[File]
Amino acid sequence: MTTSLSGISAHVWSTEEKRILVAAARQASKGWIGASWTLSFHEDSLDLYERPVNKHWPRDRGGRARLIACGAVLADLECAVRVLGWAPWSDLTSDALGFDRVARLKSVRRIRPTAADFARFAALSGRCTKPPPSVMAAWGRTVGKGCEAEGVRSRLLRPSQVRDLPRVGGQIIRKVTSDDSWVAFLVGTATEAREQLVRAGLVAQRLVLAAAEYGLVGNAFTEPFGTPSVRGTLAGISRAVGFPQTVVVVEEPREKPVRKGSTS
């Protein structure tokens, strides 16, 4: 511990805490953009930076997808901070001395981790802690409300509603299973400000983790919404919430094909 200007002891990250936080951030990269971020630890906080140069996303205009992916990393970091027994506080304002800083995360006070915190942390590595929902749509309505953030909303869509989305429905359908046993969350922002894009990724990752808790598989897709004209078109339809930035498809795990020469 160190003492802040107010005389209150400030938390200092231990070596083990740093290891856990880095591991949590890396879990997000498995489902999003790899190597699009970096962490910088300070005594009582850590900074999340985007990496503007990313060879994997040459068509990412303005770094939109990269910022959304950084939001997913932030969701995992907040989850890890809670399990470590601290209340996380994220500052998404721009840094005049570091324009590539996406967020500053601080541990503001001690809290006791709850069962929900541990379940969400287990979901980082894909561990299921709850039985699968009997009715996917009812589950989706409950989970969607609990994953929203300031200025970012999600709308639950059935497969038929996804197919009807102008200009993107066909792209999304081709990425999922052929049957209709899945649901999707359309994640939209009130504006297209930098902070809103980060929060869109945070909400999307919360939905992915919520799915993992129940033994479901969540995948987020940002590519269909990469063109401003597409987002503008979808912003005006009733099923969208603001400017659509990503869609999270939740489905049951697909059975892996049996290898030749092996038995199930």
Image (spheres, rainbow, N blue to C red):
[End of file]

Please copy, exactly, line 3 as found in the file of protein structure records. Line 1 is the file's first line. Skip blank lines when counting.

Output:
Image (spheres, rainbow, N blue to C red):